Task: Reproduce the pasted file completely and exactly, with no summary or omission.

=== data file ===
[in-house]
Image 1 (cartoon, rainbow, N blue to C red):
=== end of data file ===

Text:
[in-house]
Image 1 (cartoon, rainbow, N blue to C red):